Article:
In JNU, Sharjeel Imam read Paul Brass’s book and now Delhi Police chargesheet says it is an evidence

Renowned Political Scientist Paul Brass’s book Forms of Collective Violence: Riots, Pogroms, and Genocide in Modern India is presented as evidence by the Delhi Police in its chargesheet filed against JNU Ph.D. scholar Sharjeel Imam who faces charges under draconian UAPA for a speech which he called for a road blockade as a method of protest against the Citizenship Amendment Act CAA.

The Delhi Police, which has filed a 600-page chargesheet, against Imam said that JNU student became “highly radicalized and religious bigoted” by reading “only such literature and not researching alternative sources.”

Paul R. Brass who is a Professor (Emeritus) of Political Science and International Studies at the University of Washington, Seattle, has published numerous books and articles on comparative and South Asian politics, ethnic politics, and collective violence.

According to the chargesheet, Imam gathered knowledge about “collective violence” after reading books by Brass. Police further claimed that Imam had read Brass’s books for his MPhil thesis titled Exodus before Partition; The attack on Muslims of Bihar in 1946.

Imam was booked in several states after his speech against CAA at the Aligarh Muslim University was circulated on social media by righ-wing handles. He was then arrested by the Delhi Police’s Crime Branch from Bihar’s Jehanabad on January 28.

Last month,Imam was also booked by Delhi Police under UAPA for “inciting” the northeast Delhi riots which took place in February this year.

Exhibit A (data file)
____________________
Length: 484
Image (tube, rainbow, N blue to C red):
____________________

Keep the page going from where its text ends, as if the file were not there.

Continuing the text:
Imam is in Tihar jail now.

Brass’s works have been based on extensive field research in India during numerous visits since 1961. In his book Forms of Collective Violence: Riots, Pogroms, and Genocide in Modern India, Brass notes that most ‘communal violence’ and riots are organised and well planned and are seldom spontaneous.

The chargesheet also noted that the collective violence must be understood not as spontaneous outbreaks of passion but as an act by organised groups.

Brass’sbook on collective violence which was named in chargesheet was published by Three Essays Collective in 2006.

The book also argues that it is also evident that government and its agents do not always act to control violence, but often engage in or permit gratuitous acts of violence against particular groups under the cover of the imperative of restoring order, peace, and tranquility.

“Paul Brass will be stunned to hear that his work on collective violence now constitutes evidence for sedition. If this is the yardstick, then all scholars of Partition/violence will have to be charged given these books are standard fare,” tweeted Ravinder Kaur, historian of contemporary India and an Associate Professor of Modern South Asian Studies at the University of Copenhagen.

In another noted work The Production of Hindu-Muslim Violence in Contemporary India, Brass has argued that Hindu-Muslim violence in India is rarely spontaneous and in fact takes place as part of an “institutionalised riot system” in which “the organisations of militant Hindu nationalism are deeply implicated.”

Paul Staniland, a political scientist at the University of Chicago and author of the forthcoming book, Armed Politics: Violence, Order, and the State in South Asia said in a tweet that “Paul Brass’s books are essential reading for anyone interested in Indian politics, agree or disagree with them.”